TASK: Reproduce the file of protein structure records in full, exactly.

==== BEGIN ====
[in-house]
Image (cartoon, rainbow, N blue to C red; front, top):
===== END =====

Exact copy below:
[in-house]
Image (cartoon, rainbow, N blue to C red; front, top):